Back in the great Gas Crisis of the late 70s, the US imported a lot of mopeds. There were bikes from AMS, Batavus, Benelli, Bridgestone, Condor, Derbi, Lambretta... scores, really, all the way to Zundapp. And yet, if you see a running moped from the 70s on the street today, chances are extremely good that it's a Puch. That's partly because so many Puchs were imported, but it's also because the Puch engine was and is the toughest, best built moped engine there was, with a chromed bore that outlasted every other 49cc two-stroke engine.
Ten years ago you could pick up a Puch Maxi for $100, but since then Moped Culture has taken off. Organizations like Moped Army- especially Moped Army- have created an entirely new demand for classic 70s and 80s mopeds. Sure, there are a few traditional styled mopeds around from Tomos, and some Puch clones from India and China, but none of them have a cachet or the reliability of a real Puch. The classic 2-stroke screamers have been done in by emissions laws, which is probably a good thing, but I do miss the smell of burning Casterol that made a big purple cloud when I fired up my Puch.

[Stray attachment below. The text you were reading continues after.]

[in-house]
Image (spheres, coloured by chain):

Pictured above is my Puch Maxii II as it looked when I bought it. I made a big change right off the bat, changing the stock seat for a factory original Puch long seat, so I coult sit further back, as well as making it much cooler looking. A sticking choke was fixed by a friend who is an actual Puch factory certified mechanic, and new rubber was purchased. The bike was super reliable, and I'd still have it but it was a little small for me, and besides, I had my eye on another bike and needed the cash to balance the toy accounts, so off it went to a friend who rides it more than his 250cc bike.
I paid $650 for the bike, which seemed a bit steep at the time, even though it only had about 2,000 miles or so on it, and put another $150-$200 into it. Now, that looks like a pretty good deal. The other day I saw a similar bike with only a few hundred miles on it- esssentially a brand-new 1980s bike- whose seller was asking $1200. But given the choice between a 30 year old Puch and a brand-new Chinese moped for the same money, I'd grab the Puch without thinking twice.
Monday, September 10, 2007
Posted by michael edelman at 5:10 PM